Rabbits are a quick-breeding source of low-fat, high-protein meat and have long been enjoyed as a food by many people across the world. A fine-grained white meat, it can be substituted for chicken in many recipes.
Until the increase in beef consumption in the 1960s, rabbit was popular in the United States. Today, the interest in lower fat diets and healthy eating combined with an ongoing pursuit by chefs and foodies of novel and locally produced foods has led to a domestic resurgence in the use of rabbits for meat.
The two most common types used for meat production are New Zealand whites and Californians.
Rabbits can be produced for many different markets: for breeding stock, as medical and educational lab animals, for pet food, as pet and show animals, and for their wool and skin. While these may be pursued as a secondary market for rabbit farmers, the focus of this article is on meat production.
U.S. Ag Census data shows that rabbit production is up. In 2012, more than 5,000 farms sold nearly 853,000 rabbits.
Rabbit has appeal across many ethnic markets. Muslims, Christians, Hindus and Jews do not have religious prohibitions from consuming rabbit meat. However, because of their popularity as pets, there is one factor that is difficult to counter: the Easter bunny image. Some meat eaters may be squeamish about consuming an animal that others keep as pets in their home. And in spite of their toothy image, they are not rodents.
Fortunately, these images have not dissuaded chefs across the country from adding rabbit meat to their menus. Today, rabbit meat can be found on many menus in restaurants in the interior of the United States—from Atlanta to Chicago to St. Louis to Austin.
Online retail prices for dressed rabbit vary widely--from $6.59 to more than $18 per pound. Due to their prolific breeding capabilities, it is essential that a market be available before commencing wide-scale rabbit production. Rabbits have a slim profit margin and producers are advised to start small, using rabbits as a supplemental income source while they are establishing their market.
Since they are not classified as livestock, rabbits are exempted from USDA inspections on slaughter. Grades for rabbit meat were removed in 1995. However, they are protected under the Animal Welfare Act that requires that all individuals or businesses dealing with rabbits must be licensed or registered with APHIS.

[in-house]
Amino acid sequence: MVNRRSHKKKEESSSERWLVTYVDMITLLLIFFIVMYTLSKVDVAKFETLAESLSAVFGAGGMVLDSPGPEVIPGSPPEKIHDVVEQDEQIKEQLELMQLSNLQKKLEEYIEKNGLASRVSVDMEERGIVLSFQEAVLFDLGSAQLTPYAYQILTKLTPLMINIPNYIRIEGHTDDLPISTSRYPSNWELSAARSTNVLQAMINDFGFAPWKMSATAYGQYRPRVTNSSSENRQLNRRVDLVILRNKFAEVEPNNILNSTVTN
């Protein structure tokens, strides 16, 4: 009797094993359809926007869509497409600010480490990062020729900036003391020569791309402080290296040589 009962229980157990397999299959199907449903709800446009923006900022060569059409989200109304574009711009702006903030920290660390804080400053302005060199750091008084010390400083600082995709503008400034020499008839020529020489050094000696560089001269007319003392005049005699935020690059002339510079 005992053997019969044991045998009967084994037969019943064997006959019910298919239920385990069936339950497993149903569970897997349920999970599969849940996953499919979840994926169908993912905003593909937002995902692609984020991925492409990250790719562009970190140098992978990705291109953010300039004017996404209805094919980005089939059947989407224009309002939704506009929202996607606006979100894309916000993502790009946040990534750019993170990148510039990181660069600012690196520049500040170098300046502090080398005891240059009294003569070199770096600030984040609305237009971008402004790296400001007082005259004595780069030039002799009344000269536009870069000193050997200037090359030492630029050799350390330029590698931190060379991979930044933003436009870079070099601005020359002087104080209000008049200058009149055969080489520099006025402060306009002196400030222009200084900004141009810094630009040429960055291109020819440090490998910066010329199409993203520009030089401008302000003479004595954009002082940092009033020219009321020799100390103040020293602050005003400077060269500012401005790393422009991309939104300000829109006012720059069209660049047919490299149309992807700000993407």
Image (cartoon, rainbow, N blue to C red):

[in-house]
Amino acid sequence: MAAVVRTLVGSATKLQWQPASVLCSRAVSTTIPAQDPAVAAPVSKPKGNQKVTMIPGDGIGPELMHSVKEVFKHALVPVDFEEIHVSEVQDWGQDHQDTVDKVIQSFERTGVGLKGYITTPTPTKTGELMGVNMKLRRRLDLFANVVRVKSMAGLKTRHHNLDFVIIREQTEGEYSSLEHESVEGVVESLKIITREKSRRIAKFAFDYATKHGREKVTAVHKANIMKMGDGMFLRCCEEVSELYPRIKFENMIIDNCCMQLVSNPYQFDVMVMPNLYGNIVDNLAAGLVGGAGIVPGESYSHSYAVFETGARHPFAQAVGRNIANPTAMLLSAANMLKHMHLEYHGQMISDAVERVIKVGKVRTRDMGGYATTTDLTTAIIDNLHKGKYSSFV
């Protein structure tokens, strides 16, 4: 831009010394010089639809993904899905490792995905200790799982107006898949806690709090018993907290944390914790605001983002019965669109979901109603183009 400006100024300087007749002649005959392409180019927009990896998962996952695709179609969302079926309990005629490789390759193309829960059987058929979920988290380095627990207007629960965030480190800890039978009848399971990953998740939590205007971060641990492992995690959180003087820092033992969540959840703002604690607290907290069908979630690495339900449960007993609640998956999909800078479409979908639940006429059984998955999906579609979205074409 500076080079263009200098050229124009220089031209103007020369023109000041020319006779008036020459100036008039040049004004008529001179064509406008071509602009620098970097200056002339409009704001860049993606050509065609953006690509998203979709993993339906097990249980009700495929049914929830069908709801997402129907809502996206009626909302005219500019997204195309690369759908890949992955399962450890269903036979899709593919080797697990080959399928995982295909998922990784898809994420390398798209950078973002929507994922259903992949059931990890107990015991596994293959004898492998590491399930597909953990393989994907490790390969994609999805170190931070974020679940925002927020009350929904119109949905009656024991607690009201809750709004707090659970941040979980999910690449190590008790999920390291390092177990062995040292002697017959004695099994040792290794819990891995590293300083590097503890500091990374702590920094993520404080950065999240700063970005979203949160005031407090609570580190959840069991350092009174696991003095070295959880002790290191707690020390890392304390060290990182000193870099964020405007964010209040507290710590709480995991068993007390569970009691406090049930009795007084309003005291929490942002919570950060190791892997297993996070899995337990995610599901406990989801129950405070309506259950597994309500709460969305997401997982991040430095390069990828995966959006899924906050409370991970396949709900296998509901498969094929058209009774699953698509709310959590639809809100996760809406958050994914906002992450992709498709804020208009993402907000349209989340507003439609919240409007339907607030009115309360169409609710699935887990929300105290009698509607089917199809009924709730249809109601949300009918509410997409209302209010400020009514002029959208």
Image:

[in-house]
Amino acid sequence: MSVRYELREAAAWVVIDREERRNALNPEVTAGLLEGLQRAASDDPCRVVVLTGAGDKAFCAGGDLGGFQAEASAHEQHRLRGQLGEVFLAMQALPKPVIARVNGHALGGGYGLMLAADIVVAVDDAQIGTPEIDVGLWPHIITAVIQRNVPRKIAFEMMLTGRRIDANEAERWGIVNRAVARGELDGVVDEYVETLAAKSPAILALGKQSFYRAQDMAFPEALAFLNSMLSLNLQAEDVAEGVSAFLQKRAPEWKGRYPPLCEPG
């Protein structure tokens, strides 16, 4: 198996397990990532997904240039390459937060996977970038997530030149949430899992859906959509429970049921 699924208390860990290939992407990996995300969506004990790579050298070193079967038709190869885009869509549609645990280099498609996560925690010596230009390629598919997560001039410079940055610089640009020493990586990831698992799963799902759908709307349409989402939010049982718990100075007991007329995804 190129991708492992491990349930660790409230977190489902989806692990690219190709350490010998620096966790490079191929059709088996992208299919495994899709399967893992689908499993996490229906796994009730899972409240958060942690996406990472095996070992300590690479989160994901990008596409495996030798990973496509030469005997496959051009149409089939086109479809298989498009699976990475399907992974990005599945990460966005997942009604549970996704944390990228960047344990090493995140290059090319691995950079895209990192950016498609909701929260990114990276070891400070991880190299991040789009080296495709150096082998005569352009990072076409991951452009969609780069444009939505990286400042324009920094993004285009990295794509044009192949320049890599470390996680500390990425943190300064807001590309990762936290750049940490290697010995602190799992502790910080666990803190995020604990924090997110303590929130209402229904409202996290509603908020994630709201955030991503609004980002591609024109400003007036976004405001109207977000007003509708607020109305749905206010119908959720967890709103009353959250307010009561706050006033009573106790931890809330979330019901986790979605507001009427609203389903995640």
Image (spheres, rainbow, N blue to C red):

Some producers slaughter their own rabbits for direct sales. Rabbits may also be commercially slaughtered in accordance with state, county or municipal guidelines. A limited number of commercial slaughter facilities exist across the United States. Small-species mobile processing facilities may help fill the need for producing fresh rabbit meat in sufficient quantities for a limited market.
- American Rabbit Breeders Association - The association's membership totals over 30,000 throughout the United States, Canada and abroad.
- Global Agricultural Trade System (GATS), Foreign Ag Service (FAS), USDA.
- Guidelines for Entry into Meat Rabbit Production, Alabama Cooperative Extension System, Alabama A&M and Auburn Universities, revised 2016 - This article provides some basic guidelines about getting started in the meat rabbit business.
- Mobile Slaughter/Processing Units, Cooperative Extension Service, University of Kentucky and Kentucky State University.
- Rabbit Hemorrhagic Disease, Center for Food Security and Public Health, Iowa State University, 2016.
- Rabbit Production, Pennsylvania State University Agricultural Research and Cooperative Extension - Provides information to evaluate initial resources needed.
- Raising Rabbits on Pasture, Maine Organic Farmers and Gardeners Association, 2009.
- Small-Scale Sustainable Rabbit Production, ATTRA, National Sustainable Ag Information Service, NCAT, 2012 - This publication focuses on meat rabbits and sustainable rabbit management.
- United States Classes, Standards, and Grades for Rabbits, Ag Marketing Service, USDA.